RA Life Lessons

Yesterday was a high pain day, and I had to prioritize some self-care ahead of writing this post. Understanding how to shift priorities around the ebb and flow of my health is probably one of the greatest lessons I’ve had to learn which brings me to this post: yesterday’s prompt for RA Blog Week was to write about five things I’ve learned while living with RA. Although I am usually a reluctant student, RA has taught me a lot about the world… About myself, about relationships and about my expectations of others.

  1. People aren’t mind readers. They won’t know what you want or need from them unless you explicitly tell them.

I used to get frustrated with my friends and family when I felt like they weren’t being sensitive to my Arthritis or my unique needs. But over the years I’ve learned that if I spell out exactly what I need, people will almost always accommodate me. If I say, “I know we had plans for lunch, but can we hang out in the morning instead? I’ve been feeling better in the mornings lately”, not only will my friend accommodate that request, but she’ll know to ask about the timing of plans in the future with increased sensitivity and understanding. Can you count on everyone to be responsive? Nope. But if you give people a chance to understand how they can help you’ll often be surprised.

2. Treatment goals are important, but it’s important they drive personal goals too.

The goal of any RA treatment is to reduce inflammation, pain, and other symptoms, right? Of course! But I’ve found that if I tie my treatment goals to “life goals”, me and my doctor are better able to work together to achieve both. For example, if I say “I want to feel good enough to get back to going to yoga three times a week”, that might mean going back to PT in addition to new meds – it might take a multilayered approach to achieve that goal. Either way, it gives me and my doctor another quantifiable measure of the effectiveness of my treatment plan. I also just think it’s really important that my doctor knows me as a person and not just as a patient. Multi-dimensional patients are more likely to receive multi-dimensional treatment plans.

3. You can empathize with your chronic friends, but you can NOT compare yourself to them.

For a lot of us with RA, this materializes in feeling guilty on our good days. When you know a friend is struggling to get out of bed while you’re out running, it’s hard not to feel guilty for your good days. Stop. You can’t do that. I’ve spent extended periods of time in my life bedridden, hospitalized, in a wheelchair, on crutches, recovering from surgeries, learning to walk again – one time I was even in a medically induced coma! To see me now it’s hard to believe how far I’ve come, and that’s why I refuse to feel guilty for fighting so hard to get back here. I’m holding onto these good days for dear life because I know that they can be gone in an instant. Comparing myself to others is just a waste of precious time.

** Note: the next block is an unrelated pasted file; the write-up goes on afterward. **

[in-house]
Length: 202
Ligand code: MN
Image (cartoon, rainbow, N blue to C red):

4. It’s OK to just have a bad day sometimes. You don’t owe anyone, including yourself, an apology.

I call them pity parties, but my mom used to call them “Eeyore days” as in Eeyore from Winnie the Pooh. Such a sad donkey, he was. Even though a lot of the posts on this blog are filed under “real talk”, I consider myself an overwhelmingly positive person. I’ve gone through a lot in life outside of my RA – have you ever watched Shameless on Showtime? There’s an uncomfortable amount of parallels between my family and the Gallaghers. I’ve gone through all this dark stuff and come out on the other side, and I choose happiness because life is too short. But every once and a while I have a day when I don’t want to be the light and sunshine of this world or the smiling poster child for the Foundation. I want to sit on the couch in yoga pants all day, watch Netflix, drink wine, eat an unhealthy amount of cheese and just be pissed off at my body (and maybe even the universe) for feeling like it’s always failing me. I have a good cry – sometimes I even yell, but the point is that I purge that stuff because it’s too heavy to carry it around all the time.

5. It’s important to find a vision that resonates with you and carry that with you throughout your illness and treatment.

A few months ago, I began tagging a lot of my posts with the hashtag #RAwarrior. It sounds so silly, but the more I used it, the more I viewed myself as exactly that: a fierce warrior fighting back against this insidious disease. I would scroll through the tag looking for fellow warriors to follow because I wanted to connect with other people who were approaching their illnesses in the same all out, take no prisoners style. Even better than that, is that my non-RA friends started carrying the torch too. They would share my posts and describe me as a warrior to their networks of friends. Or they’ll text me on infusion days to say, “You’ve got this warrior woman!” Yeah, that kind of makes me feel like a badass! Sometimes it’s hard to have an identity separate from my RA because it is so ingrained in the narrative of my life, but I am not a victim. No, I am a warrior.

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